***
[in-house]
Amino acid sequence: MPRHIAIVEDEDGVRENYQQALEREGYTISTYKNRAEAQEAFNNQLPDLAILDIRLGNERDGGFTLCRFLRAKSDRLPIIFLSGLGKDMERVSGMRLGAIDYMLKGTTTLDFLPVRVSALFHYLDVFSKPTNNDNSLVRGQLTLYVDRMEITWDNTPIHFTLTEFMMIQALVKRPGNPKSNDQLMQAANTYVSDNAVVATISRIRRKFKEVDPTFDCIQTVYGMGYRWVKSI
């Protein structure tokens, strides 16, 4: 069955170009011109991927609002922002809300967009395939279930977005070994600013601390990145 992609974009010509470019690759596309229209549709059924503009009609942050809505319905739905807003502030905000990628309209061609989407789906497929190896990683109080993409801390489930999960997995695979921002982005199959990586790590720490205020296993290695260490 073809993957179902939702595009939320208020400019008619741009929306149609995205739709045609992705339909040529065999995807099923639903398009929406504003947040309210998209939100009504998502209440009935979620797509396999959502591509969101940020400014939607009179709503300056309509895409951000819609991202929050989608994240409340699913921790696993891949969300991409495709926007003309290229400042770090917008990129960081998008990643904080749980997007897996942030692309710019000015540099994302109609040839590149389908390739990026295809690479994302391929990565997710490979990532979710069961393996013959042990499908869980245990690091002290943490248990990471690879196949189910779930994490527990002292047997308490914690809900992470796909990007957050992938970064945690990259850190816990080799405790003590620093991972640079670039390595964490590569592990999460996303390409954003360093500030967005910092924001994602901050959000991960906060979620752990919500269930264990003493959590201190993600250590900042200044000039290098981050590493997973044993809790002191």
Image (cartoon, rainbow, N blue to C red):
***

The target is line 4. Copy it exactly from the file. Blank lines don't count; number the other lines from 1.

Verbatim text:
Image (cartoon, rainbow, N blue to C red):